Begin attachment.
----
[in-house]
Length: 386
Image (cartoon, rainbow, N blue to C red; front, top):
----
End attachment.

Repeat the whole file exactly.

[in-house]
Length: 386
Image (cartoon, rainbow, N blue to C red; front, top):